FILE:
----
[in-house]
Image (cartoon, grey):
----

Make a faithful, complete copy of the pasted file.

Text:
[in-house]
Image (cartoon, grey):